While my church continues to search for a pastor, those of us in leadership are having to do all sorts of things a pastor normally does. It falls to me to bring the message during our Christmas Eve service tomorrow evening, which boggles my mind. I’ve been working on that message during my normal blogging time for more than a week now. I may try to cut down that message into a blog post for Christmas Day; wish me luck that I’ll find time. Meanwhile, the blog must go on, so I’m rerunning this Christmas post from December 23, 2015.
The Bible tells the story of Jesus’s birth twice: once in Matthew, once in Luke. But in neither telling, nor anywhere else in the New Testament, are we told to celebrate the event.
It is our choice to do this. God does not command it.
The closest the New Testament comes to telling us to celebrate anything is in Luke 22, when Jesus takes the last supper. After sharing the bread and wine with his disciples, he said, “Do this in remembrance of me.”
The Greek from which this is translated carries a connotation of repetition: keep doing this. Most churches interpret this to mean that we should do it, too.
I belong to a church that does it weekly. Some churches do it monthly or quarterly. I know of one that observes it annually. It has many names: the Eucharist, the Lord’s Supper, the Lord’s Evening Meal, and communion.
Meanwhile, it might surprise you to know that several Christian groups don’t celebrate Christmas. The United Church of God doesn’t. Neither do Jehovah’s Witnesses or Seventh-Day Adventists. And neither do some Churches of Christ, which is where I became a Christian. There are probably others. These churches believe that God doesn’t authorize this celebration, and that we should celebrate and worship him only as he authorizes through his scripture.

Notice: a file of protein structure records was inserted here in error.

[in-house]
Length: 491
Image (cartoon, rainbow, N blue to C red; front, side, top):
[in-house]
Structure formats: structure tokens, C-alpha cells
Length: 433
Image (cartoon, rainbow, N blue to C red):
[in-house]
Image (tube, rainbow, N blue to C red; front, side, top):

I used to agree with them. But over time I’ve come to see that their view on authority is too restrictive. Imagine your five-year-old child drawing you a picture, perhaps one of your family, and giving it to you with a smile — and you rejecting it, because you didn’t authorize it. How unloving. I believe God welcomes and smiles upon our good devotions to him, even when he has not explicitly called for them.
However, those churches correctly contend that December 25th was chosen to celebrate Christ’s birth because nonbelievers already celebrated various pagan winter festivals at about that time. It’s not like anybody knew Jesus’s exact birth date, and they felt sure it would be easier to convert nonbelievers if the church had a celebration then, too.
Some modern churches that don’t celebrate Christmas say they won’t honor a celebration based on something that isn’t true, or something with roots in pagan celebrations. I respect their choice, but believe that those origins are so obscure and remote today that they no longer matter. We have infused this season of celebration with new, valuable meaning.
But that meaning has been strong only relatively recently. Christians didn’t celebrate Christmas at all for the first few hundred years of the church. When they did start celebrating Christmas, it wasn’t yet the central celebration is has become today. At certain times in history, religious leaders even forbade celebrating Christmas to avoid excessive revelry.
In truth, the traditions Christians follow in celebrating Christmas are only a couple centuries old, and have become widespread only in the last hundred years or so, especially since the great prosperity that followed World War II.
And so it galls me when I hear Christians speak of there being a war on Christmas, or insist upon greetings of Merry Christmas, or otherwise decry a perceived weakening of Christmas as a central national religious holiday. Christmas is a devotion and celebration of our own creation. We should celebrate it if we want — but we should not force it on anyone who doesn’t want it.
Show people love instead, the kind God gives you despite your sin.
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Last updated on 4 March 2020 by Jim Grey